• Finance: Finance teams provide valuable insight for every department. Data governance ensures that reporting can be done in a timely and reliable manner. Additionally, finance departments can achieve finance transformation and serve as strategic partners within the business when they have consistent and proper access to valuable data.
  • Legal: Data governance is a surefire way to adhere to regulations and minimise compliance risk.
  • Management: Data governance is away for managers and executives to have constant oversight and monitoring into their business’ processes, data collection, and usage. This makes it easy to understand the market opportunities and business’ operations.

Who is Responsible for Data Governance?

Since data governance is about the data that everyone within an organisation uses, it will involve your entire team. That being said, these are the common stakeholders involved in designing and maintaining a data governance policy:

  • Chief data officer: Given the rise of data, many companies are choosing to hire chief data officers (CDO). They lead the data governance process.
  • Data owners: Data owners exist within various departments. They are directly responsible for the state of data. To exemplify, your finance department should have its own Data Owner.
  • Data custodians: Data custodians may be hired to help maintain data.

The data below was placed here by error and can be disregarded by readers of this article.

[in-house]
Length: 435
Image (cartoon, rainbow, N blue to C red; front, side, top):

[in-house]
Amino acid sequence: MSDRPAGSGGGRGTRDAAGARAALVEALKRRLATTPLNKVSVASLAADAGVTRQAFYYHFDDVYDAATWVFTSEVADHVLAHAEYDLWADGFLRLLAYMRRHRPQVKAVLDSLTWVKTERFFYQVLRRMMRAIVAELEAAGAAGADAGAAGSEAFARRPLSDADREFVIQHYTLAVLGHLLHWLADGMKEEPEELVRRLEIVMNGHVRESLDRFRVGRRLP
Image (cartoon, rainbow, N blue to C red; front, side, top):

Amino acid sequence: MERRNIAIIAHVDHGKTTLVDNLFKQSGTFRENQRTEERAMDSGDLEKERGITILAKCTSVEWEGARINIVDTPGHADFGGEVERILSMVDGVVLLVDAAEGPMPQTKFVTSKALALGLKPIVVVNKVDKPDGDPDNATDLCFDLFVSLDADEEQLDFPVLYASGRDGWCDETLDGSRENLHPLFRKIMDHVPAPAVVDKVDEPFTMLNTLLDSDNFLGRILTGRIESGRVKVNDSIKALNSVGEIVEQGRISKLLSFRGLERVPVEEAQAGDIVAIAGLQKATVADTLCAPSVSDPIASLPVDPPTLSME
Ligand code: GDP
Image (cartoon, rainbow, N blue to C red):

• Data stewards: Data stewards ensure that data policies are upheld on a daily basis. They converse with data owners to review each department’s data processes and usage. They are also responsible for training new hires on the data governance policies. Think of them as your data champions.
  • Data governance committee: You can also create a data governance committee that sets policies around data and reviews issues. The committee is led by the chief data officer.

This team is aided by data analysts, compliance specialists, data strategists, and data architects. However, not every business is equipped to hire or afford all of these positions. Instead, you can leverage a data automation solution that will help you to define, roll out, standardise, utilise, and monitor data with little to no human intervention or coding required.

What is the Data Governance Framework?

According to the Data Governance Institute, the data governance framework involves the following 5 W’s: